A pillar that was found during the ongoing work to construct a multilevel car park inside the Meenakshi Amman temple here has piqued the interest of archaeologists and public alike, following speculation that it could be part of a structure dating back to the time when the Nayaks were ruling the kingdom – or even older.
When news about the ‘ancient pillar’ spread in the city, many wondered if it was part of the structure where Rani Mangammal, the queen regent who ruled the Nayak kingdom from 1689 to 1704 on behalf of her grandson, was detained by the grandson during her last years.
Speaking to DT Next, C Santhalingam, a Madurai based retired archaeologist and founder of Pandya Nadu Centre for Historical Research, pointed out that there was a mini palace-like structure that existed inside the temple during the Nayak rule.
He said he would not be able to comment on the structure’s antiquity as he had not seen it in person, and added that there were indicators to determine this – if there are urn pieces in different colours, artefacts termed as ‘associated pottery’, that would suggest it being part of ancient civilization; or, if the structure was made of brick and lime, it could be from 16th or 17th century when the Nayaks ruled the kingdom.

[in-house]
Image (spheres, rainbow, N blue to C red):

When contacted, N Natarajan, Joint Commissioner of Hindu Religious and Charitable Endowments Department, said he became aware of the matter only after the images of the pillar were circulated on social media.
However, Madurai Corporation’s city engineer S Arasu said the pillar had no archaeological significance. It was just a 13-metre tall and 500 mm diameter structure on which pile foundation testing was done ahead of constructing the multilevel car park. Assistant engineer R Murugan added that it was built in January, but looked like an old structure after it was covered in sand.
Currently, construction of the multilevel car park by Madurai Corporation under the Smart City Mission is underway at the site.